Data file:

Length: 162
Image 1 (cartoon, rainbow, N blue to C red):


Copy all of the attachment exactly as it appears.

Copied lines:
Length: 162
Image 1 (cartoon, rainbow, N blue to C red):